For instance, patient pressure groups claim that India has imported only small quantities of Onbrez (Indacaterol), a drug whose rights are owned by the Swiss multinational Novartis, whose drug could help as many as 30 million Indians suffering from chronic obstructive pulmonary disorder.

To meet the demand, an Indian multinational company Cipla, based in Mumbai, began manufacturing its own version of Onbrez and selling it for a fraction of the original price.

This article was originally published on IndiaSpend.com, a data-driven and public-interest journalism non-profit.

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An ambassador and trained facilitator under Eco Femme (a social enterprise working towards menstrual health in south India), Sanjina is also an active member of the MHM Collective- India and Menstrual Health Alliance- India. She has conducted Menstrual Health sessions in multiple government schools adopted by Rotary District 3240 as part of their WinS project in rural Bengal. She has also delivered training of trainers on SRHR, gender, sexuality and Menstruation for Tomorrow’s Foundation, Vikramshila Education Resource Society, Nirdhan trust and Micro Finance, Tollygunj Women In Need, Paint It Red in Kolkata.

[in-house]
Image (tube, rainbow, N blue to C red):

Now as an MH Fellow with YKA, she’s expanding her impressive scope of work further by launching a campaign to facilitate the process of ensuring better menstrual health and SRH services for women residing in correctional homes in West Bengal. The campaign will entail an independent study to take stalk of the present conditions of MHM in correctional homes across the state and use its findings to build public support and political will to take the necessary action.

Saurabh has been associated with YKA as a user and has consistently been writing on the issue MHM and its intersectionality with other issues in the society. Now as an MHM Fellow with YKA, he’s launched the Right to Period campaign, which aims to ensure proper execution of MHM guidelines in Delhi’s schools.

The long-term aim of the campaign is to develop an open culture where menstruation is not treated as a taboo. The campaign also seeks to hold the schools accountable for their responsibilities as an important component in the implementation of MHM policies by making adequate sanitation infrastructure and knowledge of MHM available in school premises.

Read more about his campaign.

Harshita is a psychologist and works to support people with mental health issues, particularly adolescents who are survivors of violence. Associated with the Azadi Foundation in UP, Harshita became an MHM Fellow with YKA, with the aim of promoting better menstrual health.